Modelling multicriteria value interactions with Reasoning Maps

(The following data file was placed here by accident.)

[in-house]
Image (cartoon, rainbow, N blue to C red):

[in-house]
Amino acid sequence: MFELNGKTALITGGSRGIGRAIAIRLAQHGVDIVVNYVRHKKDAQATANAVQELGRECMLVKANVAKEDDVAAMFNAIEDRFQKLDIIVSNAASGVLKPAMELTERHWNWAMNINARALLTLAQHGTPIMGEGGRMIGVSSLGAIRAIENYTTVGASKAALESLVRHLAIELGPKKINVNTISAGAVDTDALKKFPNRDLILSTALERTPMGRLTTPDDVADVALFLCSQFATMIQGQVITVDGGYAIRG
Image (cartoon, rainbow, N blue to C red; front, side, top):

Idiographic causal maps are extensively employed in Operational Research to support problem structuring and complex decision making processes. They model means-end or causal discourses as a network of concepts connected by links denoting influence, thus enabling the representation of chains of arguments made by decision-makers. There have been proposals to employ such structures to support the structuring of multicriteria evaluation models, within an additive value measurement framework. However, a drawback of this multi-methodological modelling is the loss of richness of interactions along the means-end chains when evaluating options. This has led to the development of methods that make use of the structure of the map itself to evaluate options, such as the Reasoning Maps method, which employs ordinal scales and ordinal operators for such evaluation. However, despite their potential, Reasoning Maps cannot model explicitly value interactions nor perform a quantitative ranking of options, limiting their applicability and usefulness. In this article we propose extending the Reasoning Maps approach through a multilinear evaluation model structure, built with the MACBETH multicriteria method. The model explicitly captures the value interactions between concepts along the map and employs the MACBETH protocol of questioning to assess the strength of influence for each means-end link. The feasibility of the proposed approach to evaluate options and to deal with multicriteria interactions is tested in a real-world application to support the construction of a population health index.